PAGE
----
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On Tuesday,Jed Rakoff, the U.S. District Judge in Manhattan, approved Bank of America Corporation’s (BAC - Analyst Report) $315 million settlement with investors related to the Public Employees' Retirement System of Mississippi pension fund. The settlement was made to compensate investors for misleading them regarding the risks associated with mortgage-backed securities issued by the Merrill Lynch unit of BofA.
Rakoff concluded that the facts and figures submitted by BofA were satisfactory. Moreover, he commented that, "the settlement is, in all respects, fair, reasonable, and adequate, and in the best interests of the settlement class members." Rakoff had a trial in March 2012 over the settlement.
Though BofA did not admitted any wrongdoing, Merrill Lynch, purchased by the investment bank in 2009, averred that losses faced by investors were attributable to downturn in economy and housing bubble.
In December 2011, BofA agreed to settle the charges against the suit, which investors filed in the U.S. District Court in New York, accusing it of misleading investors by misrepresenting facts in its mortgage-backed securities of over $16.5 billion. Securities were sold in 18 offerings between 2006 and 2007.
The complaint lodged in December 2008 claimed that BofA deceptively sold the sub-prime mortgage-linked securities, which eventually failed. Additionally, it misrepresented the value of instrument by providing materially misleading statements.
These investments were backed by inferior quality mortgages provided by subprime lenders Countrywide Financial Corp., First Franklin Financial, and IndyMac Bancorp, which got bankrupt in 2008.
Most recently, in February 2012, a $9.8 million settlement by Goldman Sachs Group Inc. (GS - Analyst Report) related to a Ponzi scheme was approved by a federal judge. The settlement, in particular, was reached by Goldman’s clearing and execution division and the Ponzi scheme refers to that of Arthur Nadel's, which was unraveled following the financial crisis.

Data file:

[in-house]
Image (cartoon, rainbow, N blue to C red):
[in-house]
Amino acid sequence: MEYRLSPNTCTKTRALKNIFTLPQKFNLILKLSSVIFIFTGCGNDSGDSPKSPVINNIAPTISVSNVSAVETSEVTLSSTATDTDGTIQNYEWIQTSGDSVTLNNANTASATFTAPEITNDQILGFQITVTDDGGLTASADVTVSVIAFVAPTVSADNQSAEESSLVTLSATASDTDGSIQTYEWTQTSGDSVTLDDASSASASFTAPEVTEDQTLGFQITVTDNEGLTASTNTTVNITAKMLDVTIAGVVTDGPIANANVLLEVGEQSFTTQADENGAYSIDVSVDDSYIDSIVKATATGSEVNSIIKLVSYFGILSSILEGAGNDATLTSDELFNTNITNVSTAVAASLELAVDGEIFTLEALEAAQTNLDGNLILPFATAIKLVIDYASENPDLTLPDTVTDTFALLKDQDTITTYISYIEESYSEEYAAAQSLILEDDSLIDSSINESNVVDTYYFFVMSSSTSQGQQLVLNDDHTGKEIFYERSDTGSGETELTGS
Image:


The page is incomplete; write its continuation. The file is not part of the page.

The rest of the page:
Goldman also agreed to pay $550 million towards legal charges in 2010, followed by JPMorgan Chase & Co. (JPM - Analyst Report), who faced regulatory charges in June 2011 and paid $153.6 million. All these cases had intricate investments called collateralized debt obligations, backed largely by mortgages securities.
However, in November 2011, Jed Rakoff rejected Citigroup Inc.’s (C - Analyst Report) $285 million settlement with the U.S. Securities and Exchange Commission (SEC). The settlement was to compensate investors for misleading them regarding a housing market related collateralized debt obligation (CDO).
According to the judge, absence of proper documents prevented him from giving a green signal to the settlement. Moreover, he condemned regulators for depriving the general public of their right of knowing the details of Citi’s wrongdoing in the deal.
Rakoff has scheduled a trial on July 16, 2012, though Citi and the SEC might come up with a new settlement for the judge’s approval in advance.
Previously, in September 2009, Rakoff had dismissed a $33 million settlement between the SEC and BofA. The deal was related to civil charges imposed on BofA. The bank was accused of misleading shareholders when it acquired Merrill Lynch at a time when the financial crisis was at its peak in 2008. BofA failed to disclose the payment of $5.8 billion in bonuses to employees even though it recorded $27.6 billion yearly loss.
With the settlement of the lawsuits, BofA plans to move forward with its business strategies after attempting to end issues related to the financial crisis. Moreover, pending lawsuits further trigger financial hassles while blemishing the company’s image.
Therefore, it is in the interest of the company to resolve such matters at the earliest. Moreover, the investors, who are deprived of their hard-earned money, are at peace after the settlement is made.
BofA currently retains a Zacks #3 Rank, which translates into a short-term Hold rating. Considering the fundamentals, we also maintain a long-term Neutral rating on the stock.
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